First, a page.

Letters – April, 22 2008

Letters – April, 22 2008

What the Heck, US Airways!

Since I’ve moved back to the West Coast I’ve changed my airline preferences because of scheduling. I initially flew the bulk of my segments on American. I still believe they are the best of the major carriers.

But they are too rigid and difficult to deal with as a frequent flyer. And their boarding privileges are for Executive Platinum and Platinum only. Since all flights from California are quite long, even Exec Platinums often don’t get upgraded. They just don’t care about their most frequent flyers. Or they don’t show their appreciation, anyway.

So I started flying US Airways and Continental. The Continental seats are so narrow an average size man like myself, 6 ft., 200 pounds, is uncomfortable. And you know you are going to change planes in Houston. That didn’t use to be such a big deal until they opened Terminal E. Now it’s a disaster getting back and forth from C to E and vice versa.

US Airways, on the other hand, has been quite pleasant to deal with. But now all of that has changed.

With their recent announcement that they will no longer honor a 500-mile minimum, they are on my radar screen for a change. Phoenix has to be one of the worst hub airports I have ever dealt with. Adding to the confusion is the separate employees groups of US Airways and America West. Most of the latter still wear portions of their old uniforms and their pride.

But the combo group is just not working. Codeshare tickets leave you scrambling for seat selections without your preferred status. US Airways just wants to sell you a ticket. They don’t assist with anything other than taking your money. There is no online check-in available when they codeshare.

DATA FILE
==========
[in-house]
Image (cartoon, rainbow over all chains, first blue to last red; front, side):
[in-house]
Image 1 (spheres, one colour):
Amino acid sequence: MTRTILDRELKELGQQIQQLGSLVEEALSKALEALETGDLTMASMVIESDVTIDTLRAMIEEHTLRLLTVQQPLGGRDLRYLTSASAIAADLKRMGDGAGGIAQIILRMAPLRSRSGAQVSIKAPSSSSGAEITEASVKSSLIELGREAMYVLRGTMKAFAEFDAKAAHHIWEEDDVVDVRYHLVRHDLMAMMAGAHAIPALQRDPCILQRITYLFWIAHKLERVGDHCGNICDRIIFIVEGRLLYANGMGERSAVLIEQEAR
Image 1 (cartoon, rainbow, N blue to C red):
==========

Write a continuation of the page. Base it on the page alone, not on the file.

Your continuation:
Basically, they make it clear they want your money and the rest is just too bad! I wrote them an email today telling the airline that if they persist in changing the 500-mile minimum, which basically cheats all California flyers as we change planes in Phoenix, that I’m just dropping them.

Their customer service focus is all about their affinity credit card holders. The heck with the folks who spend time on their planes. Well, the heck with them too!

American and Continental will be seeing much more of me.
Mark Adams

Equality for All Miles

Now that airlines are once again making profits, they feel free to eliminate miles accrued by those who are not regular business flyers. This policy is discriminatory against the many people who either do not have the time to fly regularly or lack the financial resources for frequent air travel. This category of traveler often winds up with miles in several programs, none of which ever reaches the level of an award because the airlines purge their miles from their accounts after a few years without program activity.